Article | Last updated: 14/03/2023 | Ministry of Agriculture and Food
Reindeer husbandry as an industry, culture and way of life is unique, both nationally and internationally.
Reindeer husbandry is a small industry on a national scale, but in Saami and local communities it is of great importance for the economy, employment and culture.
In Norway, Reindeer husbandry originated within the Saami population. Today, Saami Reindeer husbandry is centered mainly in mountain pastures and rangelands in the northernmost counties of Norway: Finnmark, Troms, Nordland and Nord-Trøndelag, as well as parts of South Trøndelag, Møre and Romsdal and Hedmark in Mid-Norway.
Somewhat over 3000 people are active in Saami Reindeer husbandry, 2200 of them in Finnmark alone, which is the largest reindeer county.
In southern Norway there are an additional four herd cooperatives: Lom, Vaagaa, Fram and Filefjell Reindeer Association. Rendal Renselskap (Rendal Reindeer Company) operates a particular form of Reindeer husbandry, mainly processing privately owned animals in Rendalen, Engerdal and Trysil.
The number of reindeer varies anually, but today there are about 250.000 herd animals in Norway, more than 185.000 of them in Finnmark. The herds are composed of about 74 % females, 20 % yearlings and 6 % bulls.
Area dependent industry
Viable reindeer husbandry requires large areas - because a given pasture area can only sustain a limited number of reindeer, and because reindeer use eight different seasonal pastures.
The Sami reindeer herding area covers about 40 percent of Norway's total land area, and in these areas the particular rules for Sami reindeer husbandry apply. This, however, does not mean that 40 percent of Norway consists of reindeer pasture available to the industry. Within the Sami reindeer area, extensive development areas have become unavailable for grazing. These include cities and towns, agricultural areas, roads, as well as industrial and tourist facilities. Within the Sami reindeer area, the right to pasture only includes the mountains and outback regions. Over the years, much of this grazing land has been lost through expansion of urban and rural centers. Even in areas that are still considered pristine wilderness, the reindeer lose pastures to the development of roads, hydropower, wind power, mining, etc. Reindeer will not only lose the limited space where a road, wind turbine or power mast is built; the reindeer will also shy away from a much wider radius around such installations, though the extent may vary. The actual grazing areas therefore cover far less than 40 per cent. Protecting reindeer herding areas is a key objective for the reindeer herding authorities. Other businesses, outdoor activities and reindeer herding sometimes have conflicting interests in pasture areas, which often leads to heated debate.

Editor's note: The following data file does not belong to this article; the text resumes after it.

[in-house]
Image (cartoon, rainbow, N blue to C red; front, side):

Traditional common herding
The Saami rangelands are divided into six regional pasture ranges, in turn divided into 82 districts.
In each district, groups of Reindeer owners operate one or more common herds, sharing in day to day operation. Reindeer carry an owner's mark.
These herd groups are called "siida" and "sitje" in North and South Saami, respectively. In recent years there have been around 100 individual summer siida and about 150 individual winter siida.
Legslation and administration
The administration of Reindeer husbandry is the responsibility of the Directorate of Agriculture, Reindeer Section, headquartered in Alta in Finnmark.
In 1976 the Reindeer industry in Norway signed its first Reindeer Agreement, renegotiated annually, with regard to current industry needs and challenges. The present Reindeer Act came into force in 2007.
The complementary Reindeer Agreement and Reindeer Act are the Directorate's prime instruments for fulfilling the objectives and regulations that make up Reindeer husbandry policies.
Reindeer husbandry was established long before the borders of Northern Scandinavia were officially drawn. Nordic cooperation is therefore important. Reindeer owners of Sweden, for instance, have pasture rights in certain rangelands in Norway.